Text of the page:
3. Sanctum (2011)

A team of underwater cave divers become trapped in an unexplored cave system after a storm. As they struggle to find a way out, tensions rise, and the team must rely on their skills and each other to survive. Despite its impressive visuals and gripping storyline, Sanctum received mixed reviews and was largely overlooked by audiences.

Which is unfortunate, as Sanctum is a masterclass in visual storytelling. The film’s stunning cinematography, which captures the dark and eerie underwater cave environment, is breathtaking. The tight and claustrophobic setting adds to the tension and danger of the situation, making every moment feel like a fight for survival. The film’s use of lighting and sound is also impressive, creating a sense of foreboding and unease throughout.

Sanctum’s portrayal of the dangers of cave diving and its realistic approach to the sport and its potential hazards, including equipment failures, water currents, and lack of oxygen, is viscerally terrifying and keeps the viewer in suspense throughout. This works hand-in-hand with the characters in the film. Unlike many action films, the characters in Sanctum are fleshed out and multi-dimensional, making their struggles and triumphs all the more impactful. An intense and thought-provoking action-thriller, Sanctum is definitely worth a watch.


4. Raze (2014)

A group of women are abducted and forced to fight each other to the death in an underground arena. Talk about brutal! The premise of Raze didn’t garner many favorable reviews and audiences similarly avoided it. Too bad: it’s a hidden gem and an extremely unique action film.

Women aren’t particularly prominent in lead roles in action films, and even fewer action movies have a majority female cast. Raze explores the theme of female empowerment and challenges gender stereotypes and expectations, portraying its female characters as strong and capable fighters who refuse to be victimized. Raze also raises (no pun intended) thought-provoking questions about the nature of violence and the limits of personal agency.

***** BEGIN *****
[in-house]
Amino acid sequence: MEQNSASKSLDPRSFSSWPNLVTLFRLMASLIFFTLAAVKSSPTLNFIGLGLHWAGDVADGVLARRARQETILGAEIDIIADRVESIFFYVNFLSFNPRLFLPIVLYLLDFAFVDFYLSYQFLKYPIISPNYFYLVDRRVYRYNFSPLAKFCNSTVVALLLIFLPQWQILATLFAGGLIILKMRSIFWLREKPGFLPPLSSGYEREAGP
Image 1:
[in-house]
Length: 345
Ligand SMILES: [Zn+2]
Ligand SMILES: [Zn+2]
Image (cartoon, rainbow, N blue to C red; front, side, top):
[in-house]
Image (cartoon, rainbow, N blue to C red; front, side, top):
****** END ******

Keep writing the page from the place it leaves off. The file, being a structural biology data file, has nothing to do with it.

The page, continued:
Perhaps there is one aspect that kept critics from appreciating the film: its brutal fight scenes between women. It’s an unusual visual and even more rare as a main feature in a film. But Raze’s fight choreography is expertly crafted, with each blow and strike coming across as raw and impactful. The fights are brutal and unrelenting but also well-executed and thrilling.

Gritty, ferocious, and confrontational, Raze refuses to shy away from its darker and more disturbing themes and its refusal to cater to mainstream expectations makes it a refreshing and subversive addition to the action genre.


5. Aftermath (2012)

After an event known as the “Day of Chaos,” nine strangers are forced to take shelter in a farmhouse after a nuclear attack. As they struggle to survive in the aftermath of the disaster, tensions rise and secrets are revealed, leading to a gripping and intense climax. Perhaps American culture was feeling post-apocalypse fatigue by 2012, but Aftermath was given a lukewarm reception by critics while audiences stayed away.

Unfortunate because it’s a solid entry into the post-apocalyptic action genre. The film’s strength lies in its ability to create a sense of claustrophobia and isolation. The farmhouse becomes a microcosm of the world outside, where survival becomes the only goal, and trust is a scarce commodity.

As characters succumb to radiation sickness, suffer betrayal at each other’s hands, and resources dwindling, the film’s pacing and intimate setting leaves it at a simmer, punctuated by bursts of action and drama. Perhaps due to the bleak nature of the film, it may not be to everyone’s taste (think The Day After but with more action sequences). But for an indie sci-fi action thriller that creates and sustains a tense atmosphere throughout, Aftermath shouldn’t be an afterthought when seeking out a unique action genre picture.